Big party, clique vibe and so on? – Far from it. Jetlag is generally the main factor at most destinations, prompting each of us to function according to our own rhythm. Layovers are often coloured by loneliness or a feeling of not knowing what to do with the available time. But not on this occasion…
It’s not fairly typical during a layover to hear colleagues say things like “I have to contact my boyfriend on Skype; I’m going shopping; I’ve have something important to take care of.”…. Then we each go our own way and do our own thing.
But on my most recent Beijing flight the team feeling made a strong comeback. We were as jittery as on our first flight. Flying to this “new-old” destination made us feel like we were on a short holiday. An excursion to the Great Wall and sightseeing in small groups were part of the programme, as was a group massage.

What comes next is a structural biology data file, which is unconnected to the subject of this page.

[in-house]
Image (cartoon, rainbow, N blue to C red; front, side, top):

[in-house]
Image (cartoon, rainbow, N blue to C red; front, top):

While strolling through Jingshan Park, a fellow crew member and I came across local citizens dancing, singing, playing and making music. It felt like being at a folk festival. Such merry gatherings are totally normal here. Imagine a Swiss grandmother dancing in the park – quite impossible! But in this culture it’s nothing out of the ordinary. Although we are familiar with Chinese people as lively passengers who know how to enjoy life, we Europeans are often unable to read their feelings and body language, which means that we sometimes even tend to misinterpret the message they are sending.
Delighted and overwhelmed at witnessing this quite unfamiliar, life-affirming side of Chinese culture we let ourselves be carried away and spontaneously joined in the dancing, knowing that on our next joint rotation the two of us would probably be unable to remember where we had been together. Just like the people of China, we really perked up on this unusual rotation.